The elusive Buddhe Baba gave Gurudev the missing words in the mantra he was reciting at their first meeting. The addition of those eight words converted the Gayatri mantra into the Mahagayatri. The extended mantra accelerated Gurudev’s spiritual progress and became the precursor to his many attainments.

Gurudev’s mantras were secret and known only to his disciples and devotees. They were not to be shared with anyone until authorised, since in giving a mantra to someone, the person also gives away a part of his energy.

Technically, mantras are nothing but sound energy. Everything in the cosmos has a frequency at which it naturally vibrates since sound is considered its primordial energy. Therefore, every form has a unique vibration, and every vibration has a unique form. Mantra practice is instrumental in activating subtle energies within you so that your natural vibration can tune in and harmonise with the vibration of the power the mantra represents.

A mantra is either a single word or a combination of words strung together and repeatedly recited in conjunction with the desired intent. Since each word is a sound wave with a unique frequency, when all words in a mantra are recited together, the entire mantra has a powerful vibration. For this reason, the correct pronunciation of the mantra is instrumental in channelling its power.

With repeated mantra recitation, there comes a time when you begin to vibrate at the frequency of the mantra and can be qualified as siddh in that mantra. At that stage, the power and form of the mantra awakens within you and becomes accessible as a tool for various purposes, including self-protection, healing, and helping others.

Gurudev worked with about eight mantras, some of which were combinations of two or three of them. From warding off negative energies to halting death and extending life to tapping into higher forms of consciousness, the mahaguru’s mantras invoke the most powerful energies.

Gurudev advised against reciting any mantra aloud. The mantras were to be recited mentally, with our mouths closed and the sounds directed within rather than outward. His advice was to continue the silent internal recitations (ajapa japa) through the monotony of our daily routines. Mantras should be recited as many times as possible throughout the day, whether standing, sitting, lying down, working in the kitchen or office, or driving a vehicle. However, he did advise that if we recited a mantra before falling asleep, the mantra would run in our subconscious mind until we awoke. (This was his secret tip for increasing mantra repetitions).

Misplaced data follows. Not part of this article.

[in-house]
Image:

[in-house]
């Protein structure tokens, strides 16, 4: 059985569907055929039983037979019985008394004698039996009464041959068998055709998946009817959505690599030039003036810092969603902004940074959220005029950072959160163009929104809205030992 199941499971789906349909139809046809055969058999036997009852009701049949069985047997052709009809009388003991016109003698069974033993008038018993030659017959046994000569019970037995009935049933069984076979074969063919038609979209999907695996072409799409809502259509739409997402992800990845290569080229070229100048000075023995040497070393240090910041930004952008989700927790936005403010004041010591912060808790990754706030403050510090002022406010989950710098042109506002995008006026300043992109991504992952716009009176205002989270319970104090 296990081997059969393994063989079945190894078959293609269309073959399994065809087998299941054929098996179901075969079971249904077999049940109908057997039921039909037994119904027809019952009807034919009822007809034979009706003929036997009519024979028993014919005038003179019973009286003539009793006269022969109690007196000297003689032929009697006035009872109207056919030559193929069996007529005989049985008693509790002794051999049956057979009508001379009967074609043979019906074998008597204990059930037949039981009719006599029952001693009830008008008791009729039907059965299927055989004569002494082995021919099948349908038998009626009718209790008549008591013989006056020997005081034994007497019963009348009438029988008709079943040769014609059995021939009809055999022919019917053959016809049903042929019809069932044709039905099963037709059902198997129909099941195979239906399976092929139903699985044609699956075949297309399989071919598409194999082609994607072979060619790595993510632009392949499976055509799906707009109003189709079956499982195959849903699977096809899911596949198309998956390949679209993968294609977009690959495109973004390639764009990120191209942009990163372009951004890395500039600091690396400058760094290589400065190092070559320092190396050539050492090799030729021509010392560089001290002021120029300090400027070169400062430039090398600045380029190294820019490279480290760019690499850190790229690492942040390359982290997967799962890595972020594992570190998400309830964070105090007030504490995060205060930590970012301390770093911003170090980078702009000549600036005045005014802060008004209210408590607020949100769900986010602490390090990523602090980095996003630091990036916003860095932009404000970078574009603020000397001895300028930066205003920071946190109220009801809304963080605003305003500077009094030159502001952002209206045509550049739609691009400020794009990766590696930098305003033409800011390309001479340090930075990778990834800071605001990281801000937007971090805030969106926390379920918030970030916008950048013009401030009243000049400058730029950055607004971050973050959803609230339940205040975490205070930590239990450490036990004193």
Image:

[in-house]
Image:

The mahaguru insisted on three constants during regular mantra practice. The first was asana (seat/place of practice), the second was the time of practice, and the third was the use of water by the bedside. The primary goal of such technicalities is to ensure that the mantra’s vibrations are optimally absorbed by the human body and very little dissipated into the atmosphere.

Gurudev emphasised that continuity and regularity of mantra practice far outweighed the techniques. Even if it may sound like a disclaimer, let me state this upfront. Gurudev prescribed the practices. He did not explain why they had to be followed. We followed them because it was his instruction. But for those who prefer to let their intellect prevail over a siddh guru’s advice, the scientific bias in the explanations may be hard to disregard. I can certify that the mahaguru’s practices are spiritually transformative. I would encourage you to experiment with these.